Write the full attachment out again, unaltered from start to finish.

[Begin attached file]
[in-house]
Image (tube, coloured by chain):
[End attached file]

[in-house]
Image (tube, coloured by chain):